The geological section of the book is where the average reader will probably have the hardest time plowing through. The authors go into significant detail about geological ideas and locations to show where the young-earth theory doesn’t fit reality. The topics include:
• the nature of the stratigraphic record
• fossil graveyards (such as the Green River formation fossils shown on the front cover)
• the clues to ancient environments and time intervals visible in the strata
• the origin, formation, and characteristics of plutons (molten rock masses that slowly rise toward the surface, eventually cool, and form mountains in some places – a research interest of Davis Young)
• two chapters on radiometric dating – a favorite attack point by young-earth creationists.
There are also two case studies included on the Michigan Basin stratigraphy and the Sierra Nevada Mountains. Photos and diagrams are especially prevalent in this section of the book.

Closing out the book are two chapters on philosophical perspectives: “Uniformitarianism, Catastrophism and Empiricism,” and “Creationism, Evangelism and Apologetics.” In the first, the authors examine and reject the uniformitarian vs. catastrophist straw man argument commonly put forth by young-earth creationists and conclude: “But if this debate over the age of the Earth is not really about physical evidence, then what is it about? We believe that those who are most firmly committed to young-Earth creationism do so because they are convinced that a divinely inspired, infallible, inerrant Bible demands it” (p. 473). In the second chapter, under the section entitled “The Dangers of Continuing to Promote a Young Earth”, they say, “We submit that persistent advocacy of young-Earth creationism and Flood geology by churches, Christian organizations and individual believers results in two extremely serious consequences that damage the cause of Christ” (p. 476).

What are these consequences? First, that children who are taught young-earth creationism in school and church will most likely be confronted with mainstream science in college, and may undergo a devastating crisis of faith when exposed to the evidence for an old earth. Secondly, evangelistic and apologetic efforts towards scientists are highly unlikely to succeed when young-earth creationism beliefs are presented as an integral part of the Gospel message.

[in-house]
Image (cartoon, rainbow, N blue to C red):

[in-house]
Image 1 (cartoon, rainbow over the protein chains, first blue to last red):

Although, in my opinion, the authors go a little too far in rejecting a progressive creationist and concordist view of Scripture, it is a minor point in the book. They masterfully and exhaustively explore the subject of geology and the Bible, showing that it is only the young-earth creationists who reject the major findings of geology. In the end, the conclusion that the real sticking point is a particular Bible interpretation shows us where the most useful future study can be done. “It is healthier to maintain a belief in an old Earth in tension with the raw data of Genesis 1 than to persist in distorting the biblical text simply to achieve harmony. We should be content to let both bodies of revelation speak for themselves and listen as carefully as we can.” (p. 489)

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Some other works by Davis A. Young are listed below. He has abandoned his earlier day-age or progressive creation views since some of them were written.

Books:
• Creation and the Flood: An Alternative to Theistic Evolution and Flood Geology, Baker, 1977.
• Christianity and the Age of the Earth, Zondervan, 1982.
• The Biblical Flood: A Case Study of the Church’s Response to Extrabiblical Evidence, Eerdmans, 1995.

Articles:
• How Old is It? How Do We Know? A Review of Dating Methods, parts 1-3, 2006-07.

1 comment:

Kevin N said...

As a Christian geologist, I heartily endorse The Bible, Rocks and Time. It contains a devastating analysis of the geological ramblings of the young-Earth creationists, yet maintains a gracious tone throughout. There is nothing else like it.